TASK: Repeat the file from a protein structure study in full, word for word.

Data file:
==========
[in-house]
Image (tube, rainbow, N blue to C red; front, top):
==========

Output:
[in-house]
Image (tube, rainbow, N blue to C red; front, top):